Vronsky came off as something of an idiot, without much of weight to be said for or against him except that he had feeling but no principle. He had physical boldness, but not courage; generosity to those he liked, but not respect for anyone; passion, but little idea of how to give love. He was likable on rare occasions, but never admirable.
Alexey Alexandrovich, Anna’s husband, evoked respect and disgust and compassion by turn. Lidia Ivanovna's influence gradually ate away at his general respectability, but he retained strands of it by his compassion to little Annie. The tale of Annie's and Seryozha's growth to maturity in such a house would probably make stuff for another tragedy-laced great novel, however.
Levin, who apparently took strongly after Tolstoy himself, annoys and fascinates and sometimes delights. His character contained the myriad depths of the shy, serious, conscientious type: the way his concentration locked onto one project after another, his frustration over things not getting done right, his attempts to empathize with the peasantry, his bafflement over his own feelings, his inability to live life without first understanding it, and his constant devotion to the search for truth and goodness. The best part of the tale is his eventual thinking through ideas C.S. Lewis would later work through in the first chapters of Mere Christianity.
But then, that’s the focal point of the book. The central theme, the idea, is in the contrast between Anna’s choices and Levin’s, between her journey into despair and his into joy. Both of them wrestled with right and wrong, with passion; both of them were even suicidal in their desperation. The question and the resolution were alike centered in the spiritual.
If you haven’t read this book and don’t want spoilers, skip ahead.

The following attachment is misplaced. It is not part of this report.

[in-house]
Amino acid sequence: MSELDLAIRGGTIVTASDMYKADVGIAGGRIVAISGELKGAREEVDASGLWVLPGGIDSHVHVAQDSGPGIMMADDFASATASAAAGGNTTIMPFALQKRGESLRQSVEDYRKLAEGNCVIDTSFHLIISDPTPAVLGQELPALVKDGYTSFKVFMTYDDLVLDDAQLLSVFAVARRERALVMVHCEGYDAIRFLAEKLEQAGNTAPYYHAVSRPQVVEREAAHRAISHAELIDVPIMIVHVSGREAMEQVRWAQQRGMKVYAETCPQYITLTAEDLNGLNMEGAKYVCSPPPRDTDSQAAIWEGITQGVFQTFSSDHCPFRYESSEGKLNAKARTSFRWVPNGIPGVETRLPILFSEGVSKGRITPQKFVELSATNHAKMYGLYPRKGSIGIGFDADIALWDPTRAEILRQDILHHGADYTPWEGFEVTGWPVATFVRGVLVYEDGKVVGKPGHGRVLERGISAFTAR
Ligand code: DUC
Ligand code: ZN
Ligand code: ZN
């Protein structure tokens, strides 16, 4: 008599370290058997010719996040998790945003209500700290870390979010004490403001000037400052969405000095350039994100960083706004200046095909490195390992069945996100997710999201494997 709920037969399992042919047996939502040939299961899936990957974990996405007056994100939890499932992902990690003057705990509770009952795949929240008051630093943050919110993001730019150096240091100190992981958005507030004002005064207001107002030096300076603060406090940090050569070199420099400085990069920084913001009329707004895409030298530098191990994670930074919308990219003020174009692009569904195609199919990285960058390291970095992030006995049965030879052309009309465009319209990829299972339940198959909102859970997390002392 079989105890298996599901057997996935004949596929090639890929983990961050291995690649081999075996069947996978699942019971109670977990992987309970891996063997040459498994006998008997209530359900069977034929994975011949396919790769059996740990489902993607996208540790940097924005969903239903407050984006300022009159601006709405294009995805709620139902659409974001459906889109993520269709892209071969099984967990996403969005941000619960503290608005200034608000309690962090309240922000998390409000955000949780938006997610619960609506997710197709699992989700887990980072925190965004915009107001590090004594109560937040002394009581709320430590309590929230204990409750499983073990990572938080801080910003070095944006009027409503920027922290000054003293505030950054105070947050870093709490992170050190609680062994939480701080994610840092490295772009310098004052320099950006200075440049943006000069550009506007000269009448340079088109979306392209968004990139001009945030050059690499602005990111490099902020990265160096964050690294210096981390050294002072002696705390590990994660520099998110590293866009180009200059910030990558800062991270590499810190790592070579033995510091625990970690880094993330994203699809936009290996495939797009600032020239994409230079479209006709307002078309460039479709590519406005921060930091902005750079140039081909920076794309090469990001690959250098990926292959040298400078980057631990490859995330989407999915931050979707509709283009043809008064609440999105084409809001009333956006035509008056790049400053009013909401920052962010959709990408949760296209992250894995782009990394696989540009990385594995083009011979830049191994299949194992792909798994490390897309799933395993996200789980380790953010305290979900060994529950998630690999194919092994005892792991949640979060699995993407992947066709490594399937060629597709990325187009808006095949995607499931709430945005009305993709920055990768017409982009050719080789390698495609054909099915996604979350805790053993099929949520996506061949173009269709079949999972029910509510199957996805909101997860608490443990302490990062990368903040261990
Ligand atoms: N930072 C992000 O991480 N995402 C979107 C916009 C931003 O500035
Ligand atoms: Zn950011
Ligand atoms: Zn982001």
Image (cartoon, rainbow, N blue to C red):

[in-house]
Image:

In some cases, I prefer getting spoiled. I’m glad that I knew to expect tragedy. The foreshadowing of Anna’s death gave me chills, and I felt somewhat prepared to walk with her along the platform and face what, being only the reader, I couldn’t stop her from doing. It still hurt to watch. Her wandering mind was confusing to read, and her jealousy bewildering, but the moment on her hands and knees on the tracks made clear sense. She died praying, and it is not hard to believe that God hears such a cry.
Tolstoy, with authorial cruelty, took us immediately away from that climactic moment and dropped us into some drollery about Sergei Ivanovich and his publishing woes, which resulted—for this reader at least—in a couple of chapters of furious angst. Sergei Ivanovich led eventually to a glimpse of Vronsky, however, who did call forth some compassion. At last, the book returned to Levin, whose spiritual awakening made sense of the rest of the tale.
It’s been years since I read Dostoevsky, but though I loved Crime and Punishment, I think I actually preferred Anna Karenina. Or at least, I loved them equally. Both novels deal with themes of sin and guilt, and both resolve toward hope and faith. The difference is that Sofya Semyonovna struggles in the darkness, eyes fixed faithfully on the glimmer far beyond the heavy shadow; Konstantin Levin trudges in the light, finally discovering that all he has to do is open his eyes.
It’s too bad Tolstoy himself couldn’t stay there; it’s a good place to be.
Recommendation: You may wish for a little vodka to get through a couple of parts, but the tale is absolutely worth the read.